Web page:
You can tell a lot about someone by their credit score number. A high credit score might express that you’re responsible, driven to achieve your goals, and committed. A poor credit score might say that you’re flighty, noncommittal, and unconcerned about your future. These personality traits can have a major impact on your career, housing options, and financial stability. But did you know that it might also affect your romantic relationships?
Almost two out of five people say that someone’s credit score might affect their interest in dating that person, according to a recent survey by Bankrate.com. This means that a poor credit score might hurt your chances of having a successful romantic relationship.
But why do people put so much stock into someone’s credit score when it comes to romantic relationships? What does a credit score have anything to do with romance and relationships?
A study performed by the Federal Reserve Board found out that people with higher credit scores are more likely to commit to a relationship and stay committed. And commitment is highly important in a long-term relationship. It’s nearly impossible to create an enduring relationship if one or both partners involved aren’t committed to making that relationship last.
A poor credit score might imply that if someone isn’t committed to achieving their financial goals, they might not be committed to achieving their romantic goals as well.
Your credit score might also show how trustworthy you are in a relationship. “Under our conjecture that credit scores reveal general trustworthiness, our results support the significance of trustworthiness in partners’ ability to form and maintain committed relationships,” according to the study by the Federal Reserve Board.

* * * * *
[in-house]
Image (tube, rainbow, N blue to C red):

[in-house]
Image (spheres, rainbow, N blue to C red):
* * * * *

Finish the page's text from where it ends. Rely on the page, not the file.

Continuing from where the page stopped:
The study goes on to state that differentials in credit scores may reflect mismatch in couple’s trustworthiness. In most romantic relationships, if there isn’t trust, it won’t last. You need to be able to trust that your partner will be committed to you and put your needs first in the relationship.
Almost a third of adults with partners (31 percent) reported that money is a major source of conflict in their relationship, according to the 2014 APA Stress in America survey. And a survey conducted by Kansas State University states that arguments about money is by far the top predictor of divorce. The same study found that it takes longer to recover from money arguments than any other kind of argument.
A credit score can show how financially responsible someone is and might be a strong indicator on how long a happy relationship will last. If a couple is on the same page, when financial problems arise, they can work together to fix them and will grow stronger together because of it. If a couple has opposing views on money management, they may not be able to come to an agreement and their relationship could suffer immensely. If you lose trust in your partner’s financial decisions, you will likely lose trust in other aspects of your relationship as well.
Romantic relationships can be fun and exciting. A romantic partner can help you become a better person, enjoy new adventures, and open a door to new possibilities. Don’t let financial disagreements ruin what could be an everlasting love. Work together to be on the same page, improve your credit score, and build a strong, healthy relationship.